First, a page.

Marcus Stroman probably cost you a valuable draft pick last Spring, but he didn’t play like one. The Blue Jays ace has the ability to get batters out and probably hasn’t shown us his ceiling yet. Will this be the year? The lack of strikeouts, pitching in the AL East and a limited productive track record brings an equally low floor.
Michael Fulmer won the Rookie of the Year award last season by posting a 3.06 ERA and 1.119 WHIP. The 3.76 FIP suggests there is a market correction coming, but you have to consider this guy with the success he had this year. Expect regression, but I wouldn’t let the AL ROY slip too far in your draft or auction.
John Lackey missed 2012 because of Tommy John surgery. Since that time he has posted a 3.35 ERA, 1.178 WHIP, and a 7.7 K/9 rate. At age 38 he is the oldest pitcher appearing in this article, so we can’t realistically expect this to continue forever. Lackey will decline at some point, but pitching for the Cubs keeps him fantasy relevant.
The Lottery Ticket Tier
- Dallas Keuchel HOU 29
- Steven Matz NYM 25
- Aaron Nola PHI 23
- Sean Manaea OAK 25
- Jon Gray COL 25
- Jameson Taillon PIT 25
- Carlos Rodon CWS 24
- Tyler Glasnow PIT 23
- Anthony DeSclafani CIN 26
- James Paxton SEA 28
This is the tier for owners who like pull tabs and Powerball tickets. These guys could finish in the top-10 or outside the top-100. They are not your 36th – 45th ranked players. These ten players are all worth a flier if you can spare the draft pick and the roster spot. Proceed with caution in deeper leagues if you cannot afford to miss on a pick.
Dallas Keuchel won the Cy Young in 2015. That sentence alone vaults you to the top of this list as long as your arm is still attached. A report suggests rotator cuff inflammation may have contributed to his disappointing 2016. Follow his progress in Spring Training.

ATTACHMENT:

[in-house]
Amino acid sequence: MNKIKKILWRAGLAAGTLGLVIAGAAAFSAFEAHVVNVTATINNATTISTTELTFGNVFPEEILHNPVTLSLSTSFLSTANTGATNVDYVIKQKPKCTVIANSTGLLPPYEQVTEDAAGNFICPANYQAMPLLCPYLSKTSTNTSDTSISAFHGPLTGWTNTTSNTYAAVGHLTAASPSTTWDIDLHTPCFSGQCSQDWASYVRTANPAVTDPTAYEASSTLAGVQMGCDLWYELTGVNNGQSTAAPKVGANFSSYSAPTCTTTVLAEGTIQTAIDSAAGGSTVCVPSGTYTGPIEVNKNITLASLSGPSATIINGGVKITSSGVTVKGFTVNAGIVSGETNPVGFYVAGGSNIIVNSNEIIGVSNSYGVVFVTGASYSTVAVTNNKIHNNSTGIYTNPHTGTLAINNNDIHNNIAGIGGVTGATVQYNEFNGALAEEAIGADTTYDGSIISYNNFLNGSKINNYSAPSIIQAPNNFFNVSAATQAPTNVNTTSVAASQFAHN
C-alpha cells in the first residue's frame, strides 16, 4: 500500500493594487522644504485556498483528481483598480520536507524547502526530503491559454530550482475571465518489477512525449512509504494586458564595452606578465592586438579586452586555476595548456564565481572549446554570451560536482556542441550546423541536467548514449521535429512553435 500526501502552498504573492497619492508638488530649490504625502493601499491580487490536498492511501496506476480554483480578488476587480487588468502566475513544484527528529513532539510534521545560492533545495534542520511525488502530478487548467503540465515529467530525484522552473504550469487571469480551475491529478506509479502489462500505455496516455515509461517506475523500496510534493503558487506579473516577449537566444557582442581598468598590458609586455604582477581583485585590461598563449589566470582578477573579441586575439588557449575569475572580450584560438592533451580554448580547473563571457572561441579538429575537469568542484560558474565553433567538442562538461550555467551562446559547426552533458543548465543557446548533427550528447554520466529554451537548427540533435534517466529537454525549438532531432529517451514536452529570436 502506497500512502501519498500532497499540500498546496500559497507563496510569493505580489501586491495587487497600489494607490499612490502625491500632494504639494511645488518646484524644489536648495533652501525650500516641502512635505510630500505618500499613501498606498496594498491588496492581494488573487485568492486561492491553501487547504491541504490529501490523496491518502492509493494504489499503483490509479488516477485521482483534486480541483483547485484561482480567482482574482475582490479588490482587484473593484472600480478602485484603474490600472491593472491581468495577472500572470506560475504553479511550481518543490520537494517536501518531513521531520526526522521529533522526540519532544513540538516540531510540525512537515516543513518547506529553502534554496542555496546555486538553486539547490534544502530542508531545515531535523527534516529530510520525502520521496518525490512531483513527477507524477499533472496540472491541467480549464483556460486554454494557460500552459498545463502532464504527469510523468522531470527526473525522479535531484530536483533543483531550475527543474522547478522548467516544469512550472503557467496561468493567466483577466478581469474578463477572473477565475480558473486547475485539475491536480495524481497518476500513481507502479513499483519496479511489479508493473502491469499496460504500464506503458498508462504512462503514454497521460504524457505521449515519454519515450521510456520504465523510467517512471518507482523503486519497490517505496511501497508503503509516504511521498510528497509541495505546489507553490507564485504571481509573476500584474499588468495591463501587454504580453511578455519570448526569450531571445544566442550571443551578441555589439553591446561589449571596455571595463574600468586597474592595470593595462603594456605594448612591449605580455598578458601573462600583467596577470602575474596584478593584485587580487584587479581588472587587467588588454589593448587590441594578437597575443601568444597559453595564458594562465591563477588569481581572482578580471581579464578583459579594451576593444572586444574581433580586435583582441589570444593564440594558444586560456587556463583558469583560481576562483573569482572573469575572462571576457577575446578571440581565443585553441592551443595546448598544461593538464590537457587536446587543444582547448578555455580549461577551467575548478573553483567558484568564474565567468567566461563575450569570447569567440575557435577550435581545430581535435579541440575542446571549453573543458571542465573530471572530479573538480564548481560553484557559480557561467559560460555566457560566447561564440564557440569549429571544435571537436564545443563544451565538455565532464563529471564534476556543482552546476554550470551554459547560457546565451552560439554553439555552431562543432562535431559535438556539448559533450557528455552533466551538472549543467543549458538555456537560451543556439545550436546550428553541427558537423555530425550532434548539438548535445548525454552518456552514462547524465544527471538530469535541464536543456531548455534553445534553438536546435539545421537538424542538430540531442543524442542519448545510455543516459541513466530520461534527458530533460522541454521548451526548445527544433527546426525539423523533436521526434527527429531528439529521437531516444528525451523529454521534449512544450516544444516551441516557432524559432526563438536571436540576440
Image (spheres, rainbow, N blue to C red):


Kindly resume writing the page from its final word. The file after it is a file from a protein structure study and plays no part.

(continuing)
Steven Matz limits offenses and struck out almost a batter per inning last season. Like almost every young Mets pitcher, there have been injury concerns. At this point in the draft, I’ll take the chance.
Aaron Nola was the 7th overall pick in the 2014 draft and struck out over a batter an inning last season. The Phillies ace dealt with an injury and growing pains, but the ceiling is sky-high with the strikeout potential.
Sean Manaea looked pretty good in his rookie season posting a 1.189 WHIP and having some nice moments. There were rough patches as well for the former first round pick, but imagine what a step forward would look like.
Jon Gray struck out 9.9 batters per 9 innings in 2017 with a 3.60 FIP. His stuff is nasty, but so is Coors Field on pitchers. At some point, a pitcher will overcome the mile high air. Gray has the talent to be that guy.
Jameson Taillon had an impressive debut last season. The highlight was his 1.115 WHIP. Expect a little regression because of the 3.71 FIP, but there was a lot to get excited about during the rookie season.
Carlos Rodon strikes out over a batter per inning, and he’s only going to be 24 years old this season. That’s the good news. The ERA, WHIP, and FIP need to take a major step forward to be a fantasy ace.
Tyler Glasnow will officially be a rookie this season, so we can’t draw too many conclusions from his 23 MLB innings. The Pirates prospect has been highly rated coming through the minors and has top end stuff.
Anthony DeSclafani seems to be over drafted to me, presumably because of the 3.28 ERA he posted last season. The FIP, WHIP, and K/9 are very pedestrian. I’m staying away because of the ADP, but pounce if he slides to the late stages of your draft.
James Paxton pitched over 100 innings in the majors for the first time in 2016. The 2.80 FIP he posted has put Paxton on the fantasy owner’s radar. Striking out almost a batter per inning also adds to his potential in 2017.